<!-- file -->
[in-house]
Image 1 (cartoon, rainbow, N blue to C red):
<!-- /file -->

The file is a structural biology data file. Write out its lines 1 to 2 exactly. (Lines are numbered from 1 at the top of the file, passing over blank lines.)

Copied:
[in-house]
Image 1 (cartoon, rainbow, N blue to C red):